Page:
Letting our earth rest and breathe

Biodiversity is making its way up the investment agenda as a natural companion to Climate Change. The Taskforce on Nature related Financial Disclosures (TNFD) will mirror the path of adoption that the Task Force on Climate-Related Financial Disclosures (TCFD) has already proven, but how can we make sure we search out the opportunities and solutions alongside an appreciation of the risks?  

Downing’s Head of Sustainability, Graham Brady, outlines how renewable energy is elevating biodiversity in the investment ecosystem.  

While sitting in a fantastic session on biodiversity loss at the UK SIF Spring Conference recently, one of the top trending questions was "please could the panel comment on biodiversity positive investment opportunities?" The answer might be renewable energy but only if biodiversity is measured and managed.

 Measuring and benefits 

Renewable energy is meeting a well-understood environmental need, displacing emission-intensive generation from our energy consumption needs. We always mitigate damage to the natural environment and, beyond that, land planning applications almost always include an expectation of biodiversity net gain - but how is this measured?  

For the purists, it’s typically using the biodiversity metric 3.1 calculation tool, developed in partnership by Department for Environment, Food & Rural Affairs alongside Natural England. This lens focuses on habitat types, but underpinning any healthy habitat is healthy soil.  

 Healthy soil, healthy planet 

Intensive arable production, while feeding our growing population, comes with some acute environmental risks - poor soil health being one. Healthy soil is typically a balance of air, water, decayed plant matter, organic material and minerals such as sand, silt and clay. Some of the risks to soil health can be mitigated by adding synthetic and organic fertilisers but doing so can have negative effects on water quality and habitats. It's hard to mitigate the effects of soil compaction from the passage of heavy machinery like tractors and it's hard to avoid the carbon emissions from constantly turning over and exposing the top 30-50cm of soil.  

Long before humans developed synthetic fertilisers, crop rotation and ‘resting’ land was the remedy for poor soil health. However, there has usually been a short-term economic price for not maximising the productivity of the land. Renewable energy has an important part to play in compensating farmers while the land is rested from intensive production techniques - but how do we measure and manage the benefits to soil health?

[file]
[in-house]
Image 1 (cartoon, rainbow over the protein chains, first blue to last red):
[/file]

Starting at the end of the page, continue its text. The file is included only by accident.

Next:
It's time to test 

Reducing the time that soil is exposed to the elements by protecting it with wild grass and flower mixes can meaningfully slow the rate of soil erosion. Simply hammering a stake into the protected soil and measuring the topsoil height over time can illustrate how wild grass cover is slowing and reversing the effects of soil erosion.  

A penetrometer measures the soil’s compaction or compressive strength in kilograms per square centimetre.  

An earthworm count is a simple exercise that requires nothing more than a shovel and preferably some small children to help count.  

You can test the water infiltration rate with a tin can full of soil, a small amount of water and a watch. This infiltration rate will tell us something about soil compaction, a bit about the balance of organic material and a lot about the soil’s ability to retain water. A soil slake test is equally simple and can be an indicator of biological activity and nutrient cycling in the soil. Cutting a cross-section into the soil will enable us to measure root depth and volume.  

All these techniques sit within the ecologist and agronomist’s toolkit, and we want to understand these effects too.  

It's easy to talk about the risks of biodiversity loss, but we can only start to manage the positive benefits for biodiversity and natural capital when we measure them. Having an easily used biodiversity calculation gives us a single number that we can plot on charts and manage improvement against over time but habitat loss and gain is only one aspect -we want to know what’s under the surface. We are farmers of energy and stewards of our landscape. 

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